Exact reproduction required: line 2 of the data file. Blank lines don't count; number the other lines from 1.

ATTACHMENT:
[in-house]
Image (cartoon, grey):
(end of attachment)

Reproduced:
Image (cartoon, grey):